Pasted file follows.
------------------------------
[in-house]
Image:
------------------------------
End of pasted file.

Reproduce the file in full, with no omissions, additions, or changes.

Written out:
[in-house]
Image: